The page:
Alcohol and Pregnancy

During pregnancy, anything a woman drinks can affect her baby. Alcohol is no exception. Having too much alcohol during pregnancy can lead to irreversible problems in a baby.

Drinking During Pregnancy
Several things happen to an unborn baby when a woman drinks during pregnancy. First, alcohol enters the bloodstream and crosses the placenta to reach the developing baby. This means that the baby is going to have a higher blood alcohol content than an adult because babies metabolize alcohol slower than adults. This prevents the baby from getting enough oxygen and optimal nutrition, leading to the tissues and organs not developing.

Is It Safe?
The American Pregnancy Association says that no amount of alcohol is safe during pregnancy. This is because alcohol enters the baby’s bloodstream in the same concentrations as in the mother’s bloodstream. However, it takes babies twice as long to eliminate the alcohol from their bloodstreams than their mothers.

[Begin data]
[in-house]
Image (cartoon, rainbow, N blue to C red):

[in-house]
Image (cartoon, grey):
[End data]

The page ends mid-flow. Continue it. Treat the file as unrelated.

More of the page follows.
One of the main concerns of drinking alcohol during pregnancy is that it can lead to fetal alcohol syndrome in the child. Because no research has determined a specific amount of alcohol that causes fetal alcohol syndrome, pregnant women should avoid all alcohol.

Fetal Alcohol Syndrome
Fetal alcohol syndrome causes both brain damage and growth problems in babies whose mothers drink alcohol during pregnancy. Fetal alcohol syndrome can cause many problems, including physical defects, brain and central nervous system problems, and social and behavioral issues. The CDC estimates that fetal alcohol syndrome is present in two to seven births out of 1,000.

However, some assessments indicate that 2 to 5 percent of school-age children show symptoms of fetal alcohol spectrum disorders. Fetal alcohol spectrum disorders is an umbrella term that describes a range of disorders resulting from exposure to alcohol in the womb. Fetal alcohol syndrome is the most severe of these disorders.

Children with fetal alcohol syndrome can suffer from a range of physical problems, such as slow growth in the womb and after birth, kidney problems, vision or hearing problems, heart problems, and small head circumference and brain size. They may have deformed joints, limbs, or fingers.